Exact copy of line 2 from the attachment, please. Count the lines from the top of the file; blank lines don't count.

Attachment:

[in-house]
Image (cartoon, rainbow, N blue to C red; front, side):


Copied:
Image (cartoon, rainbow, N blue to C red; front, side):